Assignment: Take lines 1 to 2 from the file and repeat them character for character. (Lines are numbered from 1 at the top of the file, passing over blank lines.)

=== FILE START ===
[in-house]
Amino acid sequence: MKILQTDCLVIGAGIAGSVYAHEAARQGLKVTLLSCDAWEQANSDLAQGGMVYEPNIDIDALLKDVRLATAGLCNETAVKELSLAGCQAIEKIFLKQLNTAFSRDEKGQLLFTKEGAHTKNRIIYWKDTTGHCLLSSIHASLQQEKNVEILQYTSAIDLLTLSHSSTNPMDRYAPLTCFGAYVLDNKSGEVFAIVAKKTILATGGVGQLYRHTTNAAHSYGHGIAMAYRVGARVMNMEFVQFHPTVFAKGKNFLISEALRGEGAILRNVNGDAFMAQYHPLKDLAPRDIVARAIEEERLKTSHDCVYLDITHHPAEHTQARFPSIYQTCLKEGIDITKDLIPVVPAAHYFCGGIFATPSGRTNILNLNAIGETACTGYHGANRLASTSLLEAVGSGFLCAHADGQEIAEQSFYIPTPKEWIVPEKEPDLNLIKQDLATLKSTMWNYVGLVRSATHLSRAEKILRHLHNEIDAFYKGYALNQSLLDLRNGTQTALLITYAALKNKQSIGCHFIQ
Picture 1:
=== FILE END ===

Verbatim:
[in-house]
Amino acid sequence: MKILQTDCLVIGAGIAGSVYAHEAARQGLKVTLLSCDAWEQANSDLAQGGMVYEPNIDIDALLKDVRLATAGLCNETAVKELSLAGCQAIEKIFLKQLNTAFSRDEKGQLLFTKEGAHTKNRIIYWKDTTGHCLLSSIHASLQQEKNVEILQYTSAIDLLTLSHSSTNPMDRYAPLTCFGAYVLDNKSGEVFAIVAKKTILATGGVGQLYRHTTNAAHSYGHGIAMAYRVGARVMNMEFVQFHPTVFAKGKNFLISEALRGEGAILRNVNGDAFMAQYHPLKDLAPRDIVARAIEEERLKTSHDCVYLDITHHPAEHTQARFPSIYQTCLKEGIDITKDLIPVVPAAHYFCGGIFATPSGRTNILNLNAIGETACTGYHGANRLASTSLLEAVGSGFLCAHADGQEIAEQSFYIPTPKEWIVPEKEPDLNLIKQDLATLKSTMWNYVGLVRSATHLSRAEKILRHLHNEIDAFYKGYALNQSLLDLRNGTQTALLITYAALKNKQSIGCHFIQ